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Efcc Chairmen And Their Controversial Ouster

By Michael Dada
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When former President Olusegun Obasanjo established the Economic and Financial Crimes Commission (EFCC) in 2003, it was in response to the pressure from the Financial Action Task Force on Money Laundering (FATF). FATF listed Nigeria as one of the countries with global anti-money laundry deficiencies. Back home, Nigeria’s fight against corruption was never void of controversy mostly because some people viewed EFCC as a tool in the hands of the government to prosecute political opponents. The reputation of EFCC is currently on a vicious downward spiral aggravated by the removal of the past heads of the Commission under controversial circumstances.

During the reign of Mallam Nuhu Ribadu, the pioneer Chairman of the EFCC, who served between 2003 and 2007, Nigeria scored some points in the fight against corruption. EFCC recorded high profile convictions most notably the arrest and conviction of the former Inspector-General of Police, Tafa Balogun, former Governor of Bayelsa, Diepreye Alamieyeseigha and former Governor of Delta State, James Ibori. The popular slogan under the Ribadu led EFCC was, ‘the fear of Nuhu Ribadu is the beginning of wisdom’. Few weeks before the end of then President Olusegun Obasanjo’s tenure, he reappointed Ribadu as Chairman of the EFCC and promoted him to the position of Assistant Inspector General of Police. About eight months into his reappointment, the travails of Mallam Ribadu began.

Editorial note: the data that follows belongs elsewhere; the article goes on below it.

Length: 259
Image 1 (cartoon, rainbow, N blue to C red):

First, it was a public disagreement with the then Attorney-General of the Federation, Michael Aondoakaa who accused EFCC of usurping the role of his office. Then the Inspector-General of Police, Mike Okiro ordered that Ribadu be temporarily removed from his position as EFCC chairman to attend the National Institute of Policy and Strategic Studies (NIPSS) for a mandatory one-year course. While Ribadu was at NIPSS, the Nigerian Police Service Commission (PSC) demoted him from Assistant Inspector General of Police (AIG) to Deputy Commissioner of Police (DCP) and dismissed him from the Nigerian Police force. On December 27 2007, 15 days after EFCC arrested James Ibori, President Umaru Musa Yar’Adua sacked Ribadu as the Chairman of EFCC.

As if the circumstances that surrounded Ribadu’s removal were not controversial enough, there were allegations that James Ibori, who was arrested by Ribadu, played a major role in the appointment of Ribadu’s successor, Farida Waziri as EFCC Chairman. Those allegations deepened when the Waziri led EFCC gave questionable clearance letters to Governors that were under investigation by the Commission including Ibori. Furthermore, critics alleged that EFCC’s anti-corruption war under Waziri from 2008 to 2011 grew timid and lethargic in comparison with Ribadu’s tenure. Even though she was able to score one of the commission’s landmark prosecution that led to the former National Deputy Chairman of the People’s Democratic Party (PDP), Bode George serving a two-and-a-half year sentence, like Ribadu, Waziri also had a fallout with the Attorney-General, Mohammed Bello Adoke over EFCC’s prosecution of cases.